an unanticipated consequence of
Jack M. Balkin
Jack Balkin: jackbalkin at yahoo.com
Bruce Ackerman bruce.ackerman at yale.edu
Ian Ayres ian.ayres at yale.edu
Mary Dudziak mary.l.dudziak at emory.edu
Joey Fishkin joey.fishkin at gmail.com
Heather Gerken heather.gerken at yale.edu
Abbe Gluck abbe.gluck at yale.edu
Mark Graber mgraber at law.umaryland.edu
Stephen Griffin sgriffin at tulane.edu
Bernard Harcourt harcourt at uchicago.edu
Scott Horton shorto at law.columbia.edu
Andrew Koppelman akoppelman at law.northwestern.edu
Marty Lederman marty.lederman at comcast.net
Sanford Levinson slevinson at law.utexas.edu
David Luban david.luban at gmail.com
Gerard Magliocca gmaglioc at iupui.edu
Jason Mazzone mazzonej at illinois.edu
Linda McClain lmcclain at bu.edu
John Mikhail mikhail at law.georgetown.edu
Frank Pasquale pasquale.frank at gmail.com
Nate Persily npersily at gmail.com
Michael Stokes Paulsen michaelstokespaulsen at gmail.com
Deborah Pearlstein dpearlst at princeton.edu
Rick Pildes rick.pildes at nyu.edu
Alice Ristroph alice.ristroph at shu.edu
Neil Siegel siegel at law.duke.edu
Brian Tamanaha btamanaha at wulaw.wustl.edu
Mark Tushnet mtushnet at law.harvard.edu
Adam Winkler winkler at ucla.edu
It had seemed, at least until late last week, that intervening events had taken most of the attention away from one of the most significant controversies of President Obama’s first year in office—whether senior Bush Administration officials should be investigated for their role in the documented torture and other abusive treatment of non-citizens detained as terrorism suspects. President Bush himself may have rekindled the controversy with his surprisingly candid comments about waterboarding, but that pales in comparison to the implications of a new report, released this morning by Physicians for Human Rights (PHR) (and available through this link).
In the report, titled “Experiments in Torture: Evidence of Human Subject Research and Experimentation in the 'Enhanced' Interrogation Program,” PHR marshals strong evidence that doctors working for the U.S. government conducted “illegal and unethical” human experimentation and research on detainees in CIA custody. In particular, the report concludes that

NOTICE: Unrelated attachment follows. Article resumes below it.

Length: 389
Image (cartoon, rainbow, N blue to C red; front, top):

Health professionals working for and on behalf of the CIA monitored the interrogations of detainees, collected and analyzed the results of those interrogations, and sought to derive generalizable inferences to be applied to subsequent interrogations. Such acts may be seen as the conduct of research and experimentation by health professionals on prisoners, which could violate accepted standards of medical ethics, as well as domestic and international law. These practices could, in some cases, constitute war crimes and crimes against humanity.
In other words, because medical professionals were intimately involved in the EIT program, and appear to have used prior experiences with individual detainees to suggest ways of increasing the effectiveness of the techniques going forward, these individuals were effectively conducting the very kind of research and experimentation that ethical codes, federal regulations, and international law all prohibit.
The Report is quite clear that many of its conclusions are based on inferences and other circumstantial evidence (much of the crucial information remains classified), and avoids reaching final conclusions as to whether any of these codes, rules, or laws were broken. Nevertheless, as the Report concludes, "a comprehensive federal investigation is required to answer the questions this evidence raises."
Regardless of whether the EITs themselves were violations of federal or international law (on this point, at least, I don't imagine I'll convince anyone of a view distinct from that which they already have), there seems far less room for debate over the propriety of human subject research and experimentation. The so-called "Common Rule," which applies to the CIA and the Department of Defense (along with a number of other major federal agencies), bars such research without the consent of the subject. And the United States was not just instrumental in creating the body of international law that prohibits the practice; it was a U.S. military commission at Nuremberg that tried 23 Nazi officials (20 of them doctors) in the "Doctors' Trial" after World War II, convicting 16 of the defendants (and executing seven) for war crimes and crimes against humanity arising out of their involvement in medical experimentation on, inter alia, concentration camp internees. In the process, the Nuremberg Military Tribunal (NMT) articulated what has since become known as the "Nuremberg Code"--10 principles to set the permissible boundaries of human subject research. We, in other words, set the precedent that such conduct by medical professionals is more than just unethical and illegal, but is in fact a war crime. [And then we watered down the War Crimes Act in the Military Commissions Act of 2006, but I digress . . .]
Given that so much of the critical information remains classified (including, as the PHR Report notes, the unclear role of OLC with regard to the medical professionals), it would be imprudent to speculate on what specifically happened, or who may actually be liable. The larger point, though, is that these charges only reinvigorate a point that I'm neither the first nor last to make: We still don't know what we don't know about the EITs, about who was behind them, and about how they were implemented. Thus, this Report is not about the well-worn debate over whether or not torture was committed, or, alternatively, whether individual techniques constituted "torture." Regardless of the legality of the individual interrogation techniques, any non-consensual medical experimentation would have been against both federal and international law. And as PHR's Report concludes,